adjective, crum·mi·er, crum·mi·est.

Also crumby. Slang.
  1. dirty and run-down; shabby; seedy: a crummy fleabag of a hotel.
  2. of little or no value; cheap; worthless: crummy furniture that falls apart after a month of use.
  3. wretchedly inadequate; miserable; lousy: They pay crummy salaries.

noun, plural crum·mies.

Railroads Slang. a caboose.

Nearby words

  1. crumbum,
  2. crumby,
  3. crumhorn,
  4. crummie,
  5. crummock water,
  6. crump,
  7. crumpet,
  8. crumple,
  9. crumple zones,
  10. crumpled

Origin of crummy

1855–60; perhaps obsolete crum crooked (see crummie) + -y1; sense “caboose” of unclear derivation and perhaps a distinct word

Related formscrum·mi·ly, adverbcrum·mi·ness, noun


[kruhm-ee, kroo m-ee]

noun, plural crum·mies. Chiefly Scot.


or crum·my

[kruhm-ee, kroo m-ee]

noun Chiefly Scot.

a cow with crooked horns.

Origin of crummie

1715–25; obsolete crum crooked (Old English crumb; cognate with German krumm) + -ie Unabridged Based on the Random House Unabridged Dictionary, © Random House, Inc. 2019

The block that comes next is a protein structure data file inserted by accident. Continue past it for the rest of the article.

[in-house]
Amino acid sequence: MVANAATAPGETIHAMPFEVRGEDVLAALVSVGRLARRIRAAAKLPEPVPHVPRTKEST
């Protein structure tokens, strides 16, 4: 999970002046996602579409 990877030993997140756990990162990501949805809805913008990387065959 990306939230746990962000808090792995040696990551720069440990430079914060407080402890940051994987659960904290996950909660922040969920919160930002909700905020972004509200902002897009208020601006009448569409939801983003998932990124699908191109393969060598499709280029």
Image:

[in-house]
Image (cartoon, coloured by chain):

Examples from the Web for crummy

British Dictionary definitions for crummy



adjective -mier or -miest slang

of little value; inferior; contemptible
unwell or depressedto feel crummy

Word Origin for crummy

C19: variant spelling of crumby

noun plural -mies

Canadian a lorry that carries loggers to work from their camp

Word Origin for crummy

probably originally meaning: makeshift camp, from crummy 1

Collins English Dictionary - Complete & Unabridged 2012 Digital Edition © William Collins Sons & Co. Ltd. 1979, 1986 © HarperCollins Publishers 1998, 2000, 2003, 2005, 2006, 2007, 2009, 2012

Word Origin and History for crummy



1560s, "easily crumbled;" 1570s, "like bread," from crumb + -y (2). The second sense probably accounts for 18c. (and later in dialects) use, of a woman, "attractively plump, full-figured, buxom." Slang meaning "shoddy, filthy, inferior, poorly made" in use by 1859, probably is from the first sense, but influenced by crumb in its slang sense of "louse."

Online Etymology Dictionary, © 2010 Douglas Harper